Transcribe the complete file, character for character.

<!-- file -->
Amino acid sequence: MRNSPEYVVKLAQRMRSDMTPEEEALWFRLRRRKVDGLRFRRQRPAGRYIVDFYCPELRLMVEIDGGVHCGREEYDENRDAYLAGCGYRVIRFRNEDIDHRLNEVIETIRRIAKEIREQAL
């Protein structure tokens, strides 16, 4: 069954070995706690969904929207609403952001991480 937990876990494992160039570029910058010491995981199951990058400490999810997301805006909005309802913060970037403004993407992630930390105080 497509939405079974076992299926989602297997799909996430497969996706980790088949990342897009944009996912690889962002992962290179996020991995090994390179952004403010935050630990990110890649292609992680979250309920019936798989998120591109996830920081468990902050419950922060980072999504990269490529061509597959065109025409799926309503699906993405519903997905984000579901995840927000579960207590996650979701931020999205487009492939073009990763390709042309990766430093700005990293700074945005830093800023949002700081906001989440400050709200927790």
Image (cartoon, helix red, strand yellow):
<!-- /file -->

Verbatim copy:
Amino acid sequence: MRNSPEYVVKLAQRMRSDMTPEEEALWFRLRRRKVDGLRFRRQRPAGRYIVDFYCPELRLMVEIDGGVHCGREEYDENRDAYLAGCGYRVIRFRNEDIDHRLNEVIETIRRIAKEIREQAL
């Protein structure tokens, strides 16, 4: 069954070995706690969904929207609403952001991480 937990876990494992160039570029910058010491995981199951990058400490999810997301805006909005309802913060970037403004993407992630930390105080 497509939405079974076992299926989602297997799909996430497969996706980790088949990342897009944009996912690889962002992962290179996020991995090994390179952004403010935050630990990110890649292609992680979250309920019936798989998120591109996830920081468990902050419950922060980072999504990269490529061509597959065109025409799926309503699906993405519903997905984000579901995840927000579960207590996650979701931020999205487009492939073009990763390709042309990766430093700005990293700074945005830093800023949002700081906001989440400050709200927790």
Image (cartoon, helix red, strand yellow):